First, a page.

27 January 2009

Existential Musings, III

This is likely our last selection from Husserl before we move on to Heidegger. I'm not sure that all of it comes from the same document (Dr. Levenson did a lot of cutting and pasting on his photocopy), but at least some of it is from Husserl's Cartesian Meditations.

“if what belongs to the other’s own essence were directly accessible, it would be merely a moment of my own essence.” I think this is trying to get at the idea that we cannot perceive anything directly from any point of view but our own … which begs the question of how we know for certain that any point of view but our own actually exists.

“what is appresented by virtue of the aforesaid analogizing can never attain actual presence, never become an object of perception proper.” Similar to the previous point: if another’s point of view exists, we will never be able to perceive it directly. We can only perceive apparent results of that point of view, and infer its existence. However, if Husserl wants to build a certain foundation for knowledge, this sort of inference requires an awful lot of assumptions.

“I, as the primordial psychophysical Ego, am always prominent in my primordial field of perception, regardless of whether I pay attention to myself and turn toward myself with some activity or other.” In most cases, I would tend to agree, but I know of at least one exception. Push-hands. You cannot do push hands well while being aware of ‘I’. Instead, all of your focus is on your partner, your partner’s movements, your partner’s balance. In that instance, when push-hands is happening correctly, there is no ego. There is only the moment and the movement. After a good exchange, the ego can come back and analyze it, so it is in the background somewhere, recording data, but it is not “prominent in my primordial field of perception.” There is no conscious awareness; there is only the movement and the response. Somewhere underneath the ego, there is something that is aware, but it is not the ego: the ego is continually surprised by the resulting exchanges. Don had a student who became supremely frustrated with this; he’d say things like, “But I wanted to do it!” To me, that misses the point entirely. While absorbed in the ego, one cannot be completely aware of and one with the moment.*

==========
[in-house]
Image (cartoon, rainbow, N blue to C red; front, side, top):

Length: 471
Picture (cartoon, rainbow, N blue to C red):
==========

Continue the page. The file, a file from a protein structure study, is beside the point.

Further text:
“my animate bodily organism (in my primordial sphere) has the central ‘Here’ as its mode of givenness; every other body, / and accordingly the ‘other’s’ body, has the mode ‘There’.” Brings to mind a zen quote: “The fundamental delusion of humanity is to suppose that I am here and you are out there.” ~ Yasutani Roshi

* And suddenly it dawns on my why the concept of a "personal god" makes no sense at all to me. In order to have a personal god, the ego, the personality, must be prominent, and that requires such a god be unaware of the actual moments. I suspect "all-powerful" would be the rallying cry for those who object, yet that, too, is an idea of ego. When the ego is the least of that-which-is-myself, why should I take seriously a god who seems to consist only of ego?

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